One of my passions in life is trying to leave my little patch of paradise in a better condition than when I moved to it. I have nearly 15 acres in the mid north coast of New South Wales in Australia.
The soil in most of Australia is of a poorish quality – so the first thing is to try and improve it. I have decided NOT to add anything man-made as far as fertilizers go. Sure – everything in Nature can be tracked back to chemicals, but I prefer to use the natural manures to help the soil.
Did you know, that fertilizers were more or less ‘invented’ after the World Wars. Commercial manufacturers of bombs noticed that the grass and plant life around bomb-craters were green and healthily growing. When the wars ended, they didn’t know what to do with all the left over chemicals in their factories, so they turned to making fertilizer with them. The use of these fertilizers have become so widespread that it has now become known as ‘conventional’ farming and ‘organic’ farming that had been used for millennia suddenly became ‘alternative’ and strange.
Now there is a swing back to the sustainable way of farming. Raw cow manure
and poultry manure
are easily obtained – and should be composted down to create a wonderful bio-media to add to the soil. If you put the raw manure on your plants, it will burn – always compost down first.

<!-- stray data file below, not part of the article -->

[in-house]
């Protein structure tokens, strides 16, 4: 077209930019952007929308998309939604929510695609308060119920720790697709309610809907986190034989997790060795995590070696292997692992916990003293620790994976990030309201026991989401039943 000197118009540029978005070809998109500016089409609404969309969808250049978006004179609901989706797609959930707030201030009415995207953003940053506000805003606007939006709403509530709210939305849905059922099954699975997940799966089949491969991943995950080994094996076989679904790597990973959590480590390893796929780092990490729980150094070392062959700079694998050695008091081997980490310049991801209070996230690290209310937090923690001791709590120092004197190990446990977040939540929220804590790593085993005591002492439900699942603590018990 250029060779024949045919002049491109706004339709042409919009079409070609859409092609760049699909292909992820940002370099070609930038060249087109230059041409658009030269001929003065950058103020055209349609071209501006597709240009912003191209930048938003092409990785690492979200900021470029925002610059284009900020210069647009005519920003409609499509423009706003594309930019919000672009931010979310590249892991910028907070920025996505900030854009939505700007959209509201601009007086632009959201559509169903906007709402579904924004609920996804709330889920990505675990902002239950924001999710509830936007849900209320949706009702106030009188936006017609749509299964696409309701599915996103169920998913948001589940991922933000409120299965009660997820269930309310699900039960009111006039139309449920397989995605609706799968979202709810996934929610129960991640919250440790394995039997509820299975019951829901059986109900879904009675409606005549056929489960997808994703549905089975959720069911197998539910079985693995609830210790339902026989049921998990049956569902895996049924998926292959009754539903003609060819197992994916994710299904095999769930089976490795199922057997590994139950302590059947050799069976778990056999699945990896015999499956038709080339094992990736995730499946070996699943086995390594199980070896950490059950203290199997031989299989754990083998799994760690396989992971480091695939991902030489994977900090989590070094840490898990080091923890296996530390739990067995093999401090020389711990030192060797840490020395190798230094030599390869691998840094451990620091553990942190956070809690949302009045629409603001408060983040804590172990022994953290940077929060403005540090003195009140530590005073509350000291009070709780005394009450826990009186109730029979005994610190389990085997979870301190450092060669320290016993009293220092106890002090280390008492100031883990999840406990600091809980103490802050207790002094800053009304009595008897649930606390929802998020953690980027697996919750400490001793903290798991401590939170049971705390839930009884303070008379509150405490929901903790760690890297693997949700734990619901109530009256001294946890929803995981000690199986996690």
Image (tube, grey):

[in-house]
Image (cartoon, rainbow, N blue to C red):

I suggest that you make three compost bins – one just started, one working and the other ready to dip into to add to the garden. There are various ways to easily construct a compost heap, and if you google it you will find an amazing amount of information.
I like the idea of buying rubbish bins – digging a hole in your garden, taking the bottom out of the bin, and burying it in the hole up to the brim. The scraps and manure etc go in the bin, the lid goes on to protect the contents, the worms are able to get in from the bottom, and when it has all worked its magic, pull out the bin, and the compost is exactly where you want it!
Now on a small vegetable house garden that is not so difficult – but what about on a broader scale – paddock size?? It is easy to spread man-made fertilizer there, so how do you use ‘organic’ methods on a large scale? That has been the biggest problem for our modern day farmers with huge tracts of land to improve, machinery to use that makes it quicker and conversely, not enough time to create the amount of food that our growing population needs.
That last paragraph needs an article all to itself – in fact all environmental improvements for our Earth need lots of people to talk about them. We are lucky that the human race is inventive and resilient. Hope and dreams are necessary for us all.
I have written a little booklet about improving the soil. If you are interested, they are AU$8 plus postage. Contact me at firstname.lastname@example.org and let me know where to send it.